Advertising
Advertising

Last Updated on February 19, 2020

Science Says Delayed Gratification Leads to Success in Life

Science Says Delayed Gratification Leads to Success in Life

How do you stay ahead in a world where systems and standards appear to change overnight? How do you remain competent and original in a job market where it seems more credentials are required every year? How do you actually finish your best work in a world, where people often barely start? Most of all, how do you ensure you can look back on life and know for a fact you’ve lived life to the fullest?

Science shows us there’s only one skill needed to be successful in life: delayed gratification.

Yes, it’s true; countless newspapers and online publications have covered delayed gratification for years now. This may lead you to wonder why I’m covering the topic at all. While many papers and articles have detailed the scientific studies themselves, as well as direct quotes from researchers, few posts on delayed gratification actually equip the reader with concise and actionable tips for everyday use.

This article will not only express how crucial delayed gratification really is but will also break down the larger components into bite-sized pieces of practicality.

Advertising

Where Delayed Gratification Became Famous?

The concept of delayed gratification is best known in association with psychologist Walter Mischel’s marshmallow experiment.[1]

At Stanford University in the 1960s, Mischel and his students used marshmallows to determine how well children could embody patience and hold off for a better option in the future. Kids were given the choice to eat one marshmallow now, or wait 15-20 minutes alone and receive a second marshmallow, simply for being patient. Straightforward to understand, but not exactly easy to execute (at least, not for all children).

The results and follow-up results have been widely published[2] and circulated ever since, documenting that the kids who delayed gratification have done better in virtually all areas of life ever since.

The children who waited for the second marshmallow abused substances less frequently, achieved better grades, experienced greater health and proper weight ranges, built stronger social skills, and had a smoother time handling stress.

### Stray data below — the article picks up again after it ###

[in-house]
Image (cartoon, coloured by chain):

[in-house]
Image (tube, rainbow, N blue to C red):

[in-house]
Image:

Advertising

Patience is a virtue in and of itself, but as Mischel’s experiment proved, patience offers an individual a whole host of long-lasting benefits.

Why Delayed Gratification Is Essential

At its core, why is delayed gratification so powerful and essential? The ability to delay gratification reveals emotional intelligence[3] and these two traits can take you long way in life. More specifically, delaying gratification shows that you recognize a better result is available after a certain amount or type of work is put in. As the old quote goes,

“The dictionary is the only place where success comes before work”

Genuine, lasting success and satisfaction only come as a result of putting in the right kind of work first. It’s easy enough to dream up what you want your life to look and feel like, but it’s entirely different to create a mental framework and then execute when and where you need to. Below, let’s look at three tips on how to optimize your use of delayed gratification.

Advertising

What’s the Situation I’m Faced with?

Getting clarity on the dilemma in front of you will help you assess whether your challenge is really worth it. To be honest with yourself from the outset, and determine if a challenge is worthwhile or not, is the best decision you can make. Look at what the end goal is, take stock of the work required and then decide if you know you’re up for it or not.

Do I Really Want This Result?

If you’ve found a challenge that leads to a highly desirable result, you know it’s time to make a battle plan. Anything worth having comes at a cost, so here’s where we get tactical.

In Mischel’s experiment and subsequent imitations, the children who remained patient often crafted games or tricks to play on themselves to be successful. Some sang a song, others “danced” in their chair, and some even played with the marshmallow without eating it. Regardless of the choice of distraction, the kids found a way to “make time shorter”. They employed some kind of method that made the waiting far easier.

It’s your job to do the same, no matter what your obstacle is. The people who are most successful with their goals are those who find methods of making the work more enjoyable by itself.

Advertising